• According to the Scriptures, He taught the way of life on the shores of Galilee [Mark 4:1-2].
  • According to the Scriptures, He was crucified on Golgotha’s hill [Matthew 27:33-35; John 19:16-18].
  • According to the Scriptures, He was buried [Matthew 27:57-61] and He was raised from the dead [Matthew 28:1-7].
  • And according to the Scriptures, He is at session in the right hand of God, waiting until this earth becomes His footstool and all the tribes, and families, and peoples of creation fall down and worship Him [Hebrews 10:12-13].

Could it be?  Could it be that God the omnipotent, the great Creator of this whole world and universe and all God’s vast handiwork [Genesis 1:31; John 1:1-3; Colossians 1:16], could it be that God cares for me, that He knows me, that He calls my name? [John 10:3]. Inconsequential and insignificant, does God care for me?

When I stand below the firmament and look up into His heavens and think of those vast rushing worlds above us and beyond us, the sidereal spheres in their courses; when I stand in the presence of the majestic mountains with all of their mystery; when I stand by the restless and sobbing sea and think of the omnipotence of God, could it be that He knows me and cares for me?

When I open God’s Book, and stand by the manger of Bethlehem, and stand by the Lord in His humble peasant form, teaching the way of life; and when I look at my Lord in the sacred pages, bowing in Gethsemane [Matthew 26:36-44; Mark 14:32-38]; and when I stand by the cross and look up into His atoning face, and the crimson flood pouring from His side [John 19:28-34]; and when I see Him buried [Matthew 27:57-61], and then rise from the dead [Matthew 28:1-7]; and at the right hand of God [Hebrews 12:2], promise to be my Savior and my atoning Lord [Mark 10:45], I have my answer in the Book.  God loves me, and cares for me, and sent His only begotten Son to die for me [John 3:16].  And this is His appeal to my heart: that I find life and salvation in Him [John 10:10].

“As I live, saith the Lord, I have no pleasure in the death of the wicked; but that the wicked turn from his evil way and live: turn ye, turn ye; for why will you die?” [Ezekiel 33:11].  God says, “I rejoice not in these who are perishing, but will that all men come to repentance” [2 Peter 3:9].  When the message of God from the Holy Scriptures falls upon hardened hearts and deaf ears; when it is drowned in the noise of this bustling world; and when it is forsaken and denied by the abstractions of human mind and spirit and soul, it breaks the heart of God.  The Lord opens to us the fountain of cleansing, and the way of salvation, and the gate to heaven, and He rejoices when we turn, and believe, and accept, and are saved.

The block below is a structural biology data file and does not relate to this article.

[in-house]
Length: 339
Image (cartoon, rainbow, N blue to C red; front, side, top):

It is a wondrous thing, a marvelous thing, how God extends to us in His Word the promise of eternal life, always accompanied by marvels and miracles from heaven.  One of the most dramatic that we find in all the Holy Scriptures is in the fifteenth chapter of the Book of Genesis, when God’s word comes to Abraham, calling him to be the father of the faithful [Genesis 15:1-8; Galatians 3:7].  God commands him thus to sacrifice: a heifer is divided in twain—one side, the other side.  God commands a goat, divided in twain—one side and the other side.  God commands a ram to be sacrificed, divided in twain—one side and the other side; and God demands a pigeon and a turtledove [Genesis 15:9].  In keeping with the most solemn and sacred covenant that could be thought for among men, when thus the sacrifice is divided, the two men walk together between the twain, in blood covenant forever and ever.  But when that sacrifice was divided, the blood shed, and the offering divided on either side [Genesis 15:9-11], a deep sleep came over Abraham [Genesis 15:12].  And in that vision, he saw passing through the sacrifices a burning furnace and a smoking lamp.  God alone passed through that sacrifice [Genesis 15:17].  The Word of God is initiated, and substantiated, and affirmed, and forever endures by the omnipotence of God alone.

That’s why I had you read the passage in 2 Peter 1:21: “For the prophecy came not in old time by the spirit of man: but holy men of God spake as they were moved by the Holy Spirit.”  The word comes from God and God alone.  It is not invented by man.  It is not initiated by man.  It comes from God.  God does it.  And when the Lord does it, He does it wonderfully, such as, when He sent the word to Manoah: the Angel did wondrously that brought it; he ascended up in the fire of the sacrificial altar [Judges 13:19-20]; such as, when it came to Isaiah: a seraph took a burning coal from off the altar and touched his lips, that he might speak God’s word to the people [Isaiah 6:6-8]; such as, when He appeared above the brightness of the Syrian sun to the apostle Paul: “You are a chosen vessel of Mine to bear My Word, the gospel, to the Gentiles” [Acts 9:3, 15].  Such as, the Word of God that came to the sainted apostle John on Patmos: “I fell at His feet as dead.  And He touched me with His right hand, saying, Fear not.  Write; write what you have seen”; the vision of the glorious Christ; what is this present day of the church, and what is to come—the glorious return and triumph of our marvelous Lord [Revelation 1:17-19].  Always the Word of God comes from Him, and it is accompanied by the marvel of the glory of His presence.